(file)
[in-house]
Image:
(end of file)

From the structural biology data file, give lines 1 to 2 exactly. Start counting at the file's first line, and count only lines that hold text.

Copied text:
[in-house]
Image: